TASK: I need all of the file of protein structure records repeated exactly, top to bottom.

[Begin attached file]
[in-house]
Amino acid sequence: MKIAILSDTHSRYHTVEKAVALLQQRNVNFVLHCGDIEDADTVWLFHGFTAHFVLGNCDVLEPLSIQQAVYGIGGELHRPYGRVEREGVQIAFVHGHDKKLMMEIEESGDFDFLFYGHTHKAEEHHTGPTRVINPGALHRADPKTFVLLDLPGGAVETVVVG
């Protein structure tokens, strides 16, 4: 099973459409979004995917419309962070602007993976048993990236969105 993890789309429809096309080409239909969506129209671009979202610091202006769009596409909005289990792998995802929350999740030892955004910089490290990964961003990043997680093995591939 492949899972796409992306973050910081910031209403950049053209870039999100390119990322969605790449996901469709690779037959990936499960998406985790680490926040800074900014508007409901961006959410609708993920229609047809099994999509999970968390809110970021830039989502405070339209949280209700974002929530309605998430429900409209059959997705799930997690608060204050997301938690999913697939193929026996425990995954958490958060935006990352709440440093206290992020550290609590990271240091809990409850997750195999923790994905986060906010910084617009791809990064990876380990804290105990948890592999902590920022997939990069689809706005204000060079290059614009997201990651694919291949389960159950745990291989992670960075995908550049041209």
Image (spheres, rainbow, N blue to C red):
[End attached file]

[in-house]
Amino acid sequence: MKIAILSDTHSRYHTVEKAVALLQQRNVNFVLHCGDIEDADTVWLFHGFTAHFVLGNCDVLEPLSIQQAVYGIGGELHRPYGRVEREGVQIAFVHGHDKKLMMEIEESGDFDFLFYGHTHKAEEHHTGPTRVINPGALHRADPKTFVLLDLPGGAVETVVVG
């Protein structure tokens, strides 16, 4: 099973459409979004995917419309962070602007993976048993990236969105 993890789309429809096309080409239909969506129209671009979202610091202006769009596409909005289990792998995802929350999740030892955004910089490290990964961003990043997680093995591939 492949899972796409992306973050910081910031209403950049053209870039999100390119990322969605790449996901469709690779037959990936499960998406985790680490926040800074900014508007409901961006959410609708993920229609047809099994999509999970968390809110970021830039989502405070339209949280209700974002929530309605998430429900409209059959997705799930997690608060204050997301938690999913697939193929026996425990995954958490958060935006990352709440440093206290992020550290609590990271240091809990409850997750195999923790994905986060906010910084617009791809990064990876380990804290105990948890592999902590920022997939990069689809706005204000060079290059614009997201990651694919291949389960159950745990291989992670960075995908550049041209």
Image (spheres, rainbow, N blue to C red):